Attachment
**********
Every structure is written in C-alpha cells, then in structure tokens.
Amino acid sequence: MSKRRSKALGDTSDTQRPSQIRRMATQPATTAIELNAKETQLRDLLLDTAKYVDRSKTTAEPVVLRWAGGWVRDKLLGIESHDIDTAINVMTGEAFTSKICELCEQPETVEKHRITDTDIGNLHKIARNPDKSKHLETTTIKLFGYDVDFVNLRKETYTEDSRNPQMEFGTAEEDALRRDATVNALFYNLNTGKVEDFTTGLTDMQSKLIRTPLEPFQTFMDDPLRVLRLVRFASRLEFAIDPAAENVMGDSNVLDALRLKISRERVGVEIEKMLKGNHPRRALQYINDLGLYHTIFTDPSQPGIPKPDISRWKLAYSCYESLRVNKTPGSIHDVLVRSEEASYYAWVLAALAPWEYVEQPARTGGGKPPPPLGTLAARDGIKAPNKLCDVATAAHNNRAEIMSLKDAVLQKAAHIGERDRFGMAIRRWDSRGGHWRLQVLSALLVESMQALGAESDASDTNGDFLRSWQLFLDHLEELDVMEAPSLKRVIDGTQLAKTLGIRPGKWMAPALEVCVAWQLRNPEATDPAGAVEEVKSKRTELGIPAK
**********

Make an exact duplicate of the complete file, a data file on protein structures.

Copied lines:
Every structure is written in C-alpha cells, then in structure tokens.
Amino acid sequence: MSKRRSKALGDTSDTQRPSQIRRMATQPATTAIELNAKETQLRDLLLDTAKYVDRSKTTAEPVVLRWAGGWVRDKLLGIESHDIDTAINVMTGEAFTSKICELCEQPETVEKHRITDTDIGNLHKIARNPDKSKHLETTTIKLFGYDVDFVNLRKETYTEDSRNPQMEFGTAEEDALRRDATVNALFYNLNTGKVEDFTTGLTDMQSKLIRTPLEPFQTFMDDPLRVLRLVRFASRLEFAIDPAAENVMGDSNVLDALRLKISRERVGVEIEKMLKGNHPRRALQYINDLGLYHTIFTDPSQPGIPKPDISRWKLAYSCYESLRVNKTPGSIHDVLVRSEEASYYAWVLAALAPWEYVEQPARTGGGKPPPPLGTLAARDGIKAPNKLCDVATAAHNNRAEIMSLKDAVLQKAAHIGERDRFGMAIRRWDSRGGHWRLQVLSALLVESMQALGAESDASDTNGDFLRSWQLFLDHLEELDVMEAPSLKRVIDGTQLAKTLGIRPGKWMAPALEVCVAWQLRNPEATDPAGAVEEVKSKRTELGIPAK